by Smith Publicity President Sandy Poirier Smith, originally written for Girl Friday Productions
Finding the right book publicist can be tricky. You need a to find a match with the right skill set for your genre, personality, and budget. Because promoting a book is a highly specialized skill, ideally, you want a publicist/agency that specializes in books and authors, rather than a general publicity or public relations professional.
It’s essential to find a team that has cultivated contacts for your genre, has experience in pitching print (magazine and newspaper), broadcast (television, radio and podcast) and/or online and blog outlets to make an author and book newsworthy. Plus, it’s also important to find a team with the personality, passion, and communication style that fits your needs. It’s not an easy task! While book publicists cannot guarantee book sales or getting you on the cover of national magazine, they should be able to guarantee a consistent effort, clear strategy, and regular communication plan with you.
The time to start researching, if possible, is even before your publication date is set. You ideally want to have your book marketing plan in place months before implementation. Below are eight questions to ask when hiring a book publicist.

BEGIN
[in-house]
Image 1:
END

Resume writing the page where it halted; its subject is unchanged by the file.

You can Google “Book Publicity” or “Book Marketing,” to start your search, but asking authors, publishers, and publishing industry experts for recommendations is a good place to start. Once you have a list, begin your research by researching:
1. How long has the company/individual been in business? There are many companies and individuals claiming expertise and offering often outrageous promises to authors. Be wary of websites without staff members, years of experience noted, and client testimonials, or those with offers too good to be true. Hint: if no individuals are listed on the website, move along! The book publicity process is a personal one—you want to see real people!
2. Do they publicize books in your genre? Look beyond fiction vs. non-fiction to see experience specifically with your topic. Christian fiction, business leadership, children’s middle grade chapter books, poetry, health/wellness, sci-fi novel, self-help, high end coffee table art books, etc. … each require very different strategies. Hint: if they don’t have experience in your genre, you don’t want to be the experiment test case. It is essential you find a match with contacts and experience in your genre.